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The appearance of the director of Spain's National Intelligence Centre (CNI), Esperanza Casteleiro, in what is known as the Pegasus committee at the European Parliament this Tuesday, was a thumbing of the nose at the MEPs present and, by extension, at the general public too. Her recurring answers that the information is already provided to Spanish parliamentarians in the so-called Official Secrets committee of Spain's Congress and that they have the obligation to keep silent about what they are told there, leaves in absolute limbo not only the question of what the CNI might offer or know about the espionage carried out with Pegasus software on the Catalan pro-independence leaders, but also what kind of actions the official espionage services themselves have taken in the cases for which they received authorization from the Supreme Court.

The fog generated by the Spanish government to cover the dubious path it has passed along over Catalangate, the most serious known case of espionage under democracy in any European country, does nothing else but suggest the implication of the Socialists. Since the Spanish executive sacked Paz Esteban last May from the position of director general of the CNI, as a necessary sacrifice so that the can of worms opened did not soil the defence minister, Margarita Robles, and would help to calm the international rumblings, there have been absolutely no movements or developments to suggest that the Pedro Sánchez executive has any kind of interest in knowing any more than what has been revealed by Citizen Lab, the research centre at the University of Toronto that over several months investigated the hacking of different mobile phones. Among those it was able to certify were the telephones of the last four Catalan presidents - Pere Aragonès, Quim Torra, Carles Puigdemont (they couldn't get access) and Artur Mas - along with several dozen politicians, lawyers, journalists and even lawyers.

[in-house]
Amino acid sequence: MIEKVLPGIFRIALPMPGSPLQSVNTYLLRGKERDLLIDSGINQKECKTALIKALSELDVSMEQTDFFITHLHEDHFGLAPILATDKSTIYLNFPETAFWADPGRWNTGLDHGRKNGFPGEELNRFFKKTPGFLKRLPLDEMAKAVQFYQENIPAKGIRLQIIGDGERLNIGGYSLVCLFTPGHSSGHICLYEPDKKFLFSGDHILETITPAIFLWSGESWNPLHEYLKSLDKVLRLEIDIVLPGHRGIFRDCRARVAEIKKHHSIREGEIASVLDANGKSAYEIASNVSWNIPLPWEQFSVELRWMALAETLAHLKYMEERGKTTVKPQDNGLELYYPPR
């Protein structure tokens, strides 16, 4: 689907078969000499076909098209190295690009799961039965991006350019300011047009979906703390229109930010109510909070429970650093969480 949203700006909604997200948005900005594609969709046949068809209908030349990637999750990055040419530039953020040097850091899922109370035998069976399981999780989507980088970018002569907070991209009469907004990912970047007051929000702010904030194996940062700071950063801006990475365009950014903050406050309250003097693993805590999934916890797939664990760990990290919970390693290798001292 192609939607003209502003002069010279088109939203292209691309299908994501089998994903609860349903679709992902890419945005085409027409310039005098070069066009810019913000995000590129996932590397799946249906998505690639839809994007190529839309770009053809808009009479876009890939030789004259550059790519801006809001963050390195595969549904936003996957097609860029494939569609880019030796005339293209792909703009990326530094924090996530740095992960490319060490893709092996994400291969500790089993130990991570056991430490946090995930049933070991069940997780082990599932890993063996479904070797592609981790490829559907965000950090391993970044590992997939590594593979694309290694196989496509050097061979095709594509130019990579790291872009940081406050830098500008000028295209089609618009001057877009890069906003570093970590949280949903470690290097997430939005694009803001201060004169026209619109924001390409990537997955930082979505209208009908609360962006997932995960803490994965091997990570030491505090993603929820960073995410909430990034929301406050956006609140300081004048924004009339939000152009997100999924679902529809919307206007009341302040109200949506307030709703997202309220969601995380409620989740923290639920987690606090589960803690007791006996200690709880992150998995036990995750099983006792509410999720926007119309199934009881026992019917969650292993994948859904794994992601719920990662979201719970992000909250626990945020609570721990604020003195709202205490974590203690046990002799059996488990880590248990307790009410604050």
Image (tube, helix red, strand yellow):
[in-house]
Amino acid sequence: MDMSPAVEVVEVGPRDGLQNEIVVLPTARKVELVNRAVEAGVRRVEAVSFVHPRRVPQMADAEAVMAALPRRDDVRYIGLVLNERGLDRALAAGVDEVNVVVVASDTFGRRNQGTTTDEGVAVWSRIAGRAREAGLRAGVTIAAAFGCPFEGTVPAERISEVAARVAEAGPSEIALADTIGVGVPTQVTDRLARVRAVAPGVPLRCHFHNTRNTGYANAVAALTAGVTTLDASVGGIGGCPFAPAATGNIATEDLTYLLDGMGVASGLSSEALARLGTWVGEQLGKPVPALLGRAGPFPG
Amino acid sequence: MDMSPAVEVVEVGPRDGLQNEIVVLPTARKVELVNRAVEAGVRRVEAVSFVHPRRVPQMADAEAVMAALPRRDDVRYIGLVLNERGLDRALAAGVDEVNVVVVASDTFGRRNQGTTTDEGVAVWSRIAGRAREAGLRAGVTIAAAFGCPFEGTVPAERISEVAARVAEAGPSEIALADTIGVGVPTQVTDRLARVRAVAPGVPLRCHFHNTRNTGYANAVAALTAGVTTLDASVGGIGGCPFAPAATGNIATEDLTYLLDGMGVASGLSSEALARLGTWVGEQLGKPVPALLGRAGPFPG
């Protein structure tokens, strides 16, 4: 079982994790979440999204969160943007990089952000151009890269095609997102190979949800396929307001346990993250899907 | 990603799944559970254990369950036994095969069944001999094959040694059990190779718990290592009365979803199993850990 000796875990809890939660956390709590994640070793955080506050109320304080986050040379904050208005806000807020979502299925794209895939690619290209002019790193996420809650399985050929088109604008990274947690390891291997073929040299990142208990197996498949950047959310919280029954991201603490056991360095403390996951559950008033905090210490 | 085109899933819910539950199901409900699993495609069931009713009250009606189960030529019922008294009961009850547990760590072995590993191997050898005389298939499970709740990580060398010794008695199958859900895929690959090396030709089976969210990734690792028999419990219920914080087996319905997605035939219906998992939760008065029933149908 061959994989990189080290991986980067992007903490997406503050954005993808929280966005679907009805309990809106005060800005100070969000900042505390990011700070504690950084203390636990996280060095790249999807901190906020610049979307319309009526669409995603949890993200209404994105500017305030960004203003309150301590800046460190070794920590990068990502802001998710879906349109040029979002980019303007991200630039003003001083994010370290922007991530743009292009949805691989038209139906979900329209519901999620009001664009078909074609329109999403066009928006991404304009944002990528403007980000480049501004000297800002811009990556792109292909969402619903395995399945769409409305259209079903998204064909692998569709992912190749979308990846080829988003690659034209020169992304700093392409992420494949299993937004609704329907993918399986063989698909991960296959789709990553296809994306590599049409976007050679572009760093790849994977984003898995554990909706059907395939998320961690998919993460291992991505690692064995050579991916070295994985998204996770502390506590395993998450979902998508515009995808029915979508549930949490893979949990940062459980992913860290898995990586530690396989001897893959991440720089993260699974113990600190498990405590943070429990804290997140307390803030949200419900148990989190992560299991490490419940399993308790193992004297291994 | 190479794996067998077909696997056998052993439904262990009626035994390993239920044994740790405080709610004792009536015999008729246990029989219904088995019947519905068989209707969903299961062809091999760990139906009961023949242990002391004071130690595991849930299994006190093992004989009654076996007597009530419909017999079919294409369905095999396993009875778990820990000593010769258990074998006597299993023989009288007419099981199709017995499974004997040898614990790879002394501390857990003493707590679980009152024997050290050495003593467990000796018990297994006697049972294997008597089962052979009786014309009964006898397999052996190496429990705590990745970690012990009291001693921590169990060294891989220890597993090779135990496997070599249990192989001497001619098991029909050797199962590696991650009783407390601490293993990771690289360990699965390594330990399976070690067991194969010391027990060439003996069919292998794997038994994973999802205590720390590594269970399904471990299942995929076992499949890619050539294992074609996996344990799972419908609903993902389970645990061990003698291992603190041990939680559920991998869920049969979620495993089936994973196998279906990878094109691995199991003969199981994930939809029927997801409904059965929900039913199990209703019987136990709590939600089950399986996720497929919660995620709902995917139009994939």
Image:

Despite the passage of time, legal complaints and political pressure, nothing has been found. Even Amnesty International has asked the European Union to adopt measures after it was confirmed that several dozen Catalan independence leaders were spied on, all without any result. The fact that it became known, after the publication of the Citizen Lab report, that Pedro Sánchez and his minister Robles had also been spied on with Pegasus, as they themselves denounced, might have been expected to raise hopes of finding out what happened, but it has only done the opposite. In the spying on Sánchez and Robles, there has been, at some point, the participation of the Moroccan spy services and the possibility that they have some kind of valuable information, which the Spanish executive has always denied.

At the point reached now, it matters little to the Spanish government that the appearance of the CNI director caused outrage in the European Parliament. Nor that an official mission by the Europpean Parliament to Spain over its use of Pegasus software has been vetoed. At the point reached now, in this, as in other cases related to Catalan independence, Spain has already discounted much of its international prestige by prioritizing territorial unity above everything else. In her video conference before the EU chamber, Esperanza Casteleiro, whom, by the way, the committee chair had to call to attention over her digressions, not only did not offer the slightest explanation, but did not even try. Before such an enormous silence, in case they still had any doubts, MEPs could only reach one conclusion: that the only interest of the Spanish state is and has been to hide from the European institutions the abuse that it has carried out in reagrd to Pegasus, espionage and the persecution of the Catalan independence movement.